We've turned on WordPress Auto-Updates (yey!), but, just in case this does break anything, we'd like to only run Auto-Updates during daylight hours (e.g. 09:00 - 17:30).

We have the "on init" WP-Cron disabled, and are calling it from the servers crontab every 10 minutes.

How can adapt the AutoUpdate, so all updates are run during these times? I've looked at hooks for WP-Cron, but got a little lost.

Additionally - is there a hook that fires once an auto-updated is complete? Our code is in source control, and I'm looking at ways to 'auto-commit' a new branch into our code after an update (rather than having to do it manually).

(The duplicate question doesn't provide any guidance into the hooks to check - simply suggesting to edit the Database - it also talks about WP Cron being fired 'on load' - rather than running on a dedicated cron).

Cheers, Darren

  • 1
    A simple time check in the callback should it, but I'd just turn off the auto-update. It is a bit crazy, IMHO, to run updates "now and then whenever an update comes out" on a production server in a business environment.
    – s_ha_dum
    Jun 5, 2015 at 17:35
  • possible duplicate of Alter how often WordPress Auto-Updates Plugins
    – Howdy_McGee
    Jun 5, 2015 at 18:50
  • @s_ha_dum ... we run a LOT (1,000+) WordPress websites. Keeping them all up to date after a security issue is a major logistical challenge! We decided to take the approach of auto-update minor versions, with automated monitoring where needed. If an update causes an issue, we simply rollback to the previous version. We also don't use many "off the shelf" plugins (or plugins in general). We'd prefer a site to be secure (but broken), than insecure (but working).
    – Darren
    Jun 8, 2015 at 9:46

3 Answers 3


This one is actually surprisingly simple; add this to your wp-config.php file and all automatic updates will be blocked when outside of the specified hours:

// Suspend updates when outside of business hours, 9:00 AM to 5:30 PM
$updates_suspended = (date('Hi') < 0900 || date('Hi') > 1730);

define( 'AUTOMATIC_UPDATER_DISABLED', $updates_suspended );

You can also use these other constants and filters to control which automatic updates are allowed to run if you need to make this more specific.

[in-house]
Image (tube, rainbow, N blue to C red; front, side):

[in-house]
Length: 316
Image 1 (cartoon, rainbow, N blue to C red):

Make sure you use the server timezone when you set this. The function date() might be configured to use a timezone that is different from your local timezone.


Based on "BenCole" answer:

date() is affected by runtime timezone changes which can cause date/time to be incorrectly displayed. better to use WordPress native current_datetime() that "retrieves the current time as an object with the timezone from settings".

        $current_time = current_datetime()->format( 'Hi' );

        $disable_updater = ( $current_time < 900 || $current_time > 1730 );

        define( 'AUTOMATIC_UPDATER_DISABLED', $disable_updater );
  • 1
    $disable_updater is always true. Should be && not || Aug 18, 2023 at 14:04
  • @johnnycraig You're right! edited, thanks.
    – iohnatan
    Sep 6, 2023 at 18:31
// An example to allow plugin auto update between "friday 6pm et monday 12am" :
$updates_suspended = !((date('N') == 5 && date('G') > 17) || in_array(date('N'), array(6,7)) || (date('N') == 1 && date('G') < 12)(;
define( 'AUTOMATIC_UPDATER_DISABLED', $updates_suspended );

the value of date('N') is an integer who is the day of the week (1 to monday and 5 to friday) the value of date('G') is an integer who is the hour of day If you just want handle with hour of day, use only date('G') Example : to allow update plugin auto every day only after 11pm and before 6am :

$updates_suspended = !((date('G') < 6 || date('G') > 22));
define( 'AUTOMATIC_UPDATER_DISABLED', $updates_suspended );

This code goes in wp-config.php, it have been tested and it works.

More details on dates here : https://www.php.net/manual/fr/function.date.php

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